Full disclosure: I was given a free PDF copy of this book in exchange for an honest review.
I’ve read plenty of biographies and memoirs, but there’s only two that truly shocked me because I couldn’t believe what had happened. One of them was Educated by Tara Westover, and the other was Confessions of a Bad, Ugly Singer by Collette McLafferty. The latter was a well-written and accessible story of something unbelievable happening to a woman that made her more adamant on standing up for and on loving herself.
Confessions of a Bad, Ugly Singer details a two-year period, in which the author had to go through the legal system. In April 2014, McLafferty was playing a P!NK cover band when she found herself named in a 112-page complaint. The person who sued was a personal injury lawyer, played drums for Michael Bolton, and had a dispute with the band leader claiming he stole the lawyer’s idea to form the first P!NK cover band in Long Island. Oh, and he was suing them for $10,000,000. Knowing that she was going to be involved for years to come, she took her case to the press. She made a call to the New York Post in hopes of leaving a message. However, she later discovered the headline “Singer Sued for Being Too Old and Too Ugly for P!NK Cover band” in the paper. His sensationalized headline told a story of a singer who was so “old, ugly and untalented” that her one-night performance prompted the lawyer to sue. This version of the events went viral worldwide and threatened to put an end to her 20-year professional history in the music business. The headlines alleged she “ruined” the P!NK cover band with her inferior looks and singing, triggering a deep depression. Determined to find justice, McLafferty fought the case and eventually introduced “Collette’s Law” with the help of The Lawsuit Reform Alliance of New York and Assemblyman Luis Sepulveda.
Much like everyone else reading this, I was shocked to learn that this actually happened. All of what went down felt too strange to be true, but as I mentioned before, truth is stranger than fiction. Even McLafferty herself couldn’t believe it either, which made it all the more bizarre. It was good seeing the author trying to make sense of it all like Alice in her own version of Wonderland. She reached out to various news outlets to set the record straight and even tried to get in contact to P!NK herself to get some support (sadly to no avail). She also made a music video of her cover of “Perfect” to show her journey and to display how she wasn’t bad nor ugly. Moreover, she tried to get the state legislature in New York to pass a law – Colette’s Law – to require those who sue without merit to pay the other party’s legal cost and increase sanctions for those who file inane lawsuits. (Just a quick side note: even though the law was introduced in the New York State Assembly in 2017, I have a feeling that it was never passed because I couldn’t find any other information about it after 2016).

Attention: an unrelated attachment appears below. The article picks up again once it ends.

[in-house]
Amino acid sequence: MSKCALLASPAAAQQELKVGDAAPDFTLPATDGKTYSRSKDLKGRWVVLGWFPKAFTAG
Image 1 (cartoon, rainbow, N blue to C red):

However, it was not all one smooth road. During the two years battling the lawsuit, McLafferty drank to the point that she could be considered an alcoholic and spent some time in therapy. I will admit that these sections were a little tough to get through, yet the framing of how she dealt with it (as opposed to wailing in her suffering) made it endurable.
McLafferty writes what occurred several years after the fact, which is the most logical thing to do when writing about something deeply traumatic. This allows her to process all of the events in the most objective way possible. Heck, she makes jokes about certain people and moments. That’s how one knows someone has moved from a tragedy. In addition, she’s able to see people with their own thoughts and feelings. For example, when she finally meets and confronts the man who sued her, he tells her that he was bullied as a kid for his weight. She empathizes with him because of her own experiences with bullies (including ones that called her “Collette Germs”), yet she doesn’t excuse him for his actions and his misreadings of the relationship between her and the band leader. The same goes with said band leader. She had some nice things to say about him, but she was wary of him after seeing his social media posts bashing certain individuals.
Besides the story itself, what stood out to me was the commentary on ageism. I don’t think I’ve ever read a book that dealt with that subject so openly. McLafferty comments on how the music industry basically bars women over the age of 30 from singing, or if they do, not having successful careers. She’s a living example of defiance because she’s still putting out new music and hopefully going to be releasing a solo album called 42 soon (before Adele gets to that title first).
Overall, Confessions of a Bad, Ugly Singer by Collette McLafferty is shocking in a good way. I never knew that this happened, and I feel bad for her. Luckily, her uplifting, funny, and very real style of writing are what make the memoir rootable. I would recommend it to those who like reading nonfiction that deals with events that are stranger than fiction, lawsuits, ageism, and the music industry. I’m glad that she was able to write about this event and eventually heal from it because this book is perfect to me.
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